Comforts of Home

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1. Thoughts While Getting Settled



PROPERLY speaking, the new house was old. A hundred years and more had gone over its chimney,--down which, as we were to discover later, a hundred flies and more would come when the open fires had warmed it,--and within doors it would have charmed any amateur of the Colonial by the antiquity of its furnishings. Temporarily it belonged to me, my executors, administrators, and assigns. But there were limits to our possession. None of us might 'permit any hole to be drilled or made in the stone or brick-work of said building'; no 'sign or placard' might we place upon it; we might not 'over-load, damage, or deface' it; nor might we 'carry on any unlawful, improper, noisy, or offensive trade' in it. We had admitted that the glass was whole and in good order, and bound ourselves to keep it good, unless broken by fire, with glass of the same kind and quality. In case I became bankrupt I had agreed that the owner, the owner's executors, the owner's administrators, and the owner's assigns should treat me with every form of ignominy that the law has yet invented to make bankruptcy more distressing. Nor could I hold them responsible if our guests fell down the cellar stairs; although there I think they would be morally responsible, for a steeper flight of cellar stairs I simply cannot imagine.

Of all documents there is hardly another so common as a lease, or more suspicious. Observe the lessor--a benevolent, dignified, but cautious person! Observe the lessee--a worm with criminal tendencies! Perhaps he is a decent sort of worm, but the lessor had better look out for him. Very likely he will commit murders in the dining-room, read the Contes Drolatiques in the library, play bass-drum solos in the parlor, and start a piggery in the cellar. One suspects that possibly the great army of hoboes is partly recruited from among supersensitive men who read their leases before signing them and preferred vagabondage to insult. But some of us control our sensitiveness. I, for example, read my lease; and when, having agreed mentally to post no placard myself, I discovered a clause allowing the lessor to decorate my residence with the information that it was

FOR SALE

I crossed that clause out!

Observe the worm turning!

It was the dining-room that had won us, formerly the kitchen and still complete--with the brick oven; the crane; the fat, three-legged pots and spider; a thing that, after much debate, we think must have been a bread-toaster; and a kind of overgrown curry-comb with which, so we imagine, the original dwellers were wont to rake the hot ashes from the brick oven. Also a warming-pan. And although these objects charm me, and I delight to live with them, I cannot but wonder whether a hundred years from now there may not be persons to furnish their dining-rooms with just such a stove as stands at present in my real kitchen; and perhaps to suspend beside it one of those quaint contraptions with which the jolly old chaps in the early twentieth century used to kill flies. I hear in imagination the host of that period explaining the implement to his wondering guests,--being expert in such matters, he will produce the technical term 'swat' with an air of easy familiarity,--and see him hanging it reverently up again beside the dear old stove and right over the picturesque old coal-hod. Perhaps, too, he will point out the beautiful, sturdy lines of the coal-hod.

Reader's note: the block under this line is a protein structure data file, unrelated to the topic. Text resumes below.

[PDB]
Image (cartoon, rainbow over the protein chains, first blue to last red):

Now in due time, or, to be exact, some hours later, strong men came to this house with a motor truck; and, working with concentrated fury, they put into it all our own furniture, our trunks, our books, our clothes, and everything that was ours. It had been our purpose to direct these men: to say, 'This goes here, kind sirs,' and, 'That goes there, gentlemen'; or, 'Believe me, this is the place for that,' or, 'Thank you, sir, but that is the place for this.' When they had come and gone, and the empty truck had rumbled away in the early autumn twilight, everything was to be just where we had planned in advance; 'getting settled' would be a light but satisfying pleasure; organization, 'efficiency in business,' for we had been reading an article in a magazine, would have made changing our home as easy as changing our clothes. But these men were beyond mortal control. They came late and their mood was to depart early. Movers always come late, for two reasons: first, because they like to feel that you are glad to see them, and, second, because they do not like to place each object just where it belongs. They prefer concentrated fury. Children of nature, they inherit their mother's abhorrence of a vacuum; unable, as they saw at a glance, to stuff the whole house from floors to ceilings, they devoted their attention, brushing us aside like annoying insects that they lacked time for killing, to stuffing such rooms as they instantly decided could be stuffed the tightest. If there was anything that we might presumably need at once, they put it at the bottom and buried it under the heaviest available furniture. It was wonderful to see them. In the end they actually took money for what they had done and went away hastily. Organization and 'efficiency in business' had accomplished something: the trunks were upstairs, and two barrels had reached their predestined place in the cellar.

There appears in many business offices, although it is not, so far as I know, the official slogan of 'efficiency in business,' a card with the motto, 'Do It Now.' I looked into that room which was destined to be the library: formerly it had been a bedroom, and the four-poster bed and noble mahogany bureau were to have vanished upstairs before my arrival. But now, peering past and above and under the débris that the avalanche had left there, I recognized the noble mahogany bureau in the far corner, mourning presumably for its departed companion, the four-poster. I beheld it with a misgiving which I tried to put from me, but which came back from moment to moment and whispered in whichever ear was nearer.